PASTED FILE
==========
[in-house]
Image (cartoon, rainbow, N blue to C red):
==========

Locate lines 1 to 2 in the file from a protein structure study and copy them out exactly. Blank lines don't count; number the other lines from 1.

[in-house]
Image (cartoon, rainbow, N blue to C red):